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Introduction

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High-Yield Terms

  • β-Galactosidase: intestinal enzyme complex involved in the hydrolysis of lactose to glucose and galactose. Commonly called lactase

  • Leloir pathway: primary pathway for the conversion of galactose to glucose

  • Galactosemia: results from defects in any of the 3 primary genes involved in conversion of galactose to glucose

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Dietary Galactose

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A major form of galactose found in these complex biomolecules is N-acetylgalactosamine (GalNAc). GalNAc is not acquired from the diet but is formed from dietary galactose. The major source of galactose in the human diet is from the disaccharide, lactose, found in dairy products. This sugar comprises around 2% to 8% of milk solids. Lactose is a disaccharide of glucose and galactose. Upon consumption of lactose, it is hydrolyzed to glucose and galactose via the action of the intestinal enzyme complex called β-galactosidase (lactase-glycosylceramidase). The enzyme complex is attached to the surface of intestinal brush border cells via a GPI linkage (see Chapter 38). There are 2 enzymatic activities associated with the β-galactosidase complex, one that hydrolyzes the β-glycosidic linkage in lactose (thereby releasing glucose and galactose), while the other activity hydrolyzes the β-glycosidic bond connecting galactose or glucose to ceramide in ingested glycolipids. Galactose is subsequently absorbed by intestinal enterocytes via the action of the same sodium (Na+)-dependent glucose transporter (SGLT1) that is responsible for glucose absorption. Galactose enters the blood from intestinal enterocytes via GLUT2-mediated transport as for glucose and fructose.

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Entry of Galactose Into Glycolysis

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Although glucose is the form of sugar stored as glycogen within cells, galactose is utilized via conversion to glucose, which can then be oxidized in glycolysis or stored as glycogen. Indeed, up to 30% of ingested galactose is incorporated into glycogen. Galactose enters glycolysis by its conversion to glucose-1-phosphate (G1P). This occurs through a series of steps that is referred to as the Leloir pathway, named after Luis Federico Leloir who determined the overall process of galactose utilization. First, the galactose is phosphorylated by galactokinase to yield galactose-1-phosphate. The galactokinase protein is encoded by the GALK1 gene. There is another gene identified as GALK2 that was originally thought to encode a second galactokinase but was subsequently shown to be a GalNAc kinase. Epimerization of galactose-1-phosphate to G1P requires the transfer of UDP from uridine diphosphoglucose (UDP-glucose) catalyzed by galactose-1-phosphate uridyltransferase (GALT). The GALT-catalyzed reaction generates UDP-galactose and G1P. The UDP-galactose is epimerized to UDP-glucose by UDP-galactose-4 epimerase (GALE). The UDP portion is exchanged for phosphate-generating glucose-1-phosphate, which then is converted to G6P by phosphoglucose mutase. GALE catalyzes 2 distinct but analogous epimerization reactions, the epimerization of UDP-galactose to UDP-glucose and the epimerization of UDP-N-acetylgalactosamine to UDP-N-acetylglucosamine (Figure 12-1).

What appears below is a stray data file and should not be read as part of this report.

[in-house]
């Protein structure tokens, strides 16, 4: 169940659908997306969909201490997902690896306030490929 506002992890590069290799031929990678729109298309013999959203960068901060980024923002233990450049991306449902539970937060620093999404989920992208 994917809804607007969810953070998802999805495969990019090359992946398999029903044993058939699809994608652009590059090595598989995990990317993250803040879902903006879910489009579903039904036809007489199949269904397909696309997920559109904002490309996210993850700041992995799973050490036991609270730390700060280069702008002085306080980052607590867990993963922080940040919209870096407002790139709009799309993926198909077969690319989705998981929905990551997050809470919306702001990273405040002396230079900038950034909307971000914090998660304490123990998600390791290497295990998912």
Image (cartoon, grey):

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FIGURE 12-1:

Pathway of conversion of (A) galactose to glucose in the liver. Murray RK, Bender DA, Botham KM, Kennelly PJ, Rodwell VW, Weil PA. Harper's Illustrated Biochemistry, 29th ed. ...

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